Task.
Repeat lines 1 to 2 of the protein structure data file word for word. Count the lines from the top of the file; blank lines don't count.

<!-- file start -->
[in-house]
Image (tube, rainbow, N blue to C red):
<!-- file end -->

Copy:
[in-house]
Image (tube, rainbow, N blue to C red):